In 1977 PFLP terrorists hijacked Lufthansa flight 181, killing the pilot before German anti-terror commandos stormed the plane.
MOGADISHU, SOMALIA – Somalia crosses our radar a lot for terrorism today but more than 40 years ago it was on the receiving end, in a way
In the 1960s and 1970s, when airline hijackings were much more common – today, security measures are much, much better – the line “Take this plane to Cuba!” became almost a joke. Why anyone would want to go to Cuba at that time – lousy service, lousy food (hmm, not much has changed over 50 years, has it?) beats me.
Ordering a plane to head somewhere other than its planned destination could be driven by a number of considerations. Maybe the new heading was seen as more sympathetic to the hijackers. Maybe the local security forces were not very good at rescue operations, giving the terrorists more time to have their demands met. Maybe the airport was the closest one to land safely (especially if the aircraft was running out of fuel).
What, then, is up with ordering a plane to fly to Somalia?
As it turns out, the whole thing was complicated. On this day in 1977, Lufthansa flight 181 was hijacked by terrorists affiliated with the Popular Front for the Liberation of Palestine (PFLP), allied with the German terrorist group Rote Armee Fraktion (RAF), sometimes known as the Baader-Meinhoff Gang, while overflying Marseilles. The pilot was killed shortly after the takeover
The terrorists wanted the release of incarcerated RAF terrorists. In the next several hours the plane landed in Rome and Cyprus for refuelling, and made emergency landings in Bahrain, Dubai, and Aden before ending up in Mogadishu (the capital of Somalia).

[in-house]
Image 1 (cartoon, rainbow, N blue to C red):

Five days later a German anti-terror commando squad stormed the plane in what was codenamed Operation Feuerzauber (fire magic) and rescued all 90 hostages, while killing three terrorists and wounding one. Four hostages were slightly wounded.
The commandos stormed in, one yelling in German “Heads down, where are the pigs!?”, and riddled all four hijackers with bullets, killing three and badly wounding a fourth. Those German words were the best thing I heard during the entire hijacking.Juergen Vietor, former co-pilot
All in all a successful operation with minimal casualties – if you don’t count the terrorists. Hijacking seems to be a thing of the past: let’s hope it stays that way.
- Good counter-terrorism practices require wide sharing among international security services - October 30, 2020
- October 30, 2002: Bombings in Soweto, South Africa - October 30, 2020
- Islamic leaders need to look in the mirror - October 29, 2020